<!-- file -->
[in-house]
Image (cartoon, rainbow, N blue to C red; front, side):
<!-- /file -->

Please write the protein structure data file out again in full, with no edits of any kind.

[in-house]
Image (cartoon, rainbow, N blue to C red; front, side):